The Hussite war movement didn’t terrify its opponents solely because it represented a break from the Catholic church: the manner in which the movement went into battle and the equipment that the soldiers used was also extremely frightening to their enemies.
Under the rebellion’s leader, an intense man named Jan Zizka, the Hussites fought for release from the strictures of the Catholic church. It was in approximately 1420 that the stirrings of Protestantism began, as people in Hungary slowly but steadily decided they wanted to be free of the Papacy.
Long before anyone had heard of Martin Luther, a dissident named Jan Hus became a popular hero to those who wanted church reform. But the more people pressed for it, the more the Catholic church pushed back, making it clear that any thoughts of rebellion would be dealt with harshly. The church burnt dissidents, like Jan Hus, at stake to prove their point.
In Hungary, Hus’s death provoked outrage. Those who had followed him formed an uprising, led by Zizka, that ended in the ousting of King Sigismund, whose troops could not fend off the angry mobs. When Zizka corralled these people into a formal, cohesive group, the Hussite movement was born. Zizka’s one-eyed, intense visage became the popular face of this movement of religious zeal.
Zizka knew how and when to stage battles but perhaps, more importantly, he understood the value of the Hussite war wagons. These vehicles were the perfect defense structures with which to fend off the enemy and secure victory.
When placed in a strategic setting, these wagons became almost impenetrable. The Hussite army would interlock their wheels, creating a kind of wall behind which the soldiers took up positions. Furthermore, each wagon had holes strategically cut in its sides so guns could protrude. Soldiers could safely stay within the ring of wagons and fire on the enemy at will. Once the opposing force was down on its heels, the Hussites descended; many battles were fought – and won – in this way.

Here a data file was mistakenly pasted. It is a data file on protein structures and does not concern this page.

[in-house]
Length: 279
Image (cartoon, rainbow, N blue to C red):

The wagons led directly to the first Hussite victory, in March, 1420. King Sigismund did not take his ousting lightly. He tried to push back in July that year, yet his army could not penetrate the war wagons and he was again driven back by the Hussites.
Until 1427, Zizka led his men into many battles and achieved several victories. Tired of always defending their own turf, the Hussites invaded Saxony and Silesia in 1428. While they came close to defeat on several occasions, Zizka’s leadership and religious vigor saw them through many successful campaigns.
Perhaps inevitably, success led to infighting and corruption. Many Hussites lost sight of the ideals that had, in the beginning, led them to challenge the church and the king. So when Sigismund launched yet another attack in 1431, the Hussite soldiers managed to repel him, but only barely.
More infighting broke out. By 1434, Zizka was completely blind. Finally, a faction called the Noble Ultraquists cobbled together an army and took on the Hussites at the Battle of Lipany. The Ultraquists staged a mock surrender, convincing the war-fatigued Hussite army to advance from behind their shield of wagons. In the ensuing battle, the Ultraquists were quickly victorious.
It took several years but, at long last, King Sigismund was back on his throne and the Catholic Church was once again firmly in charge. For a while, at least.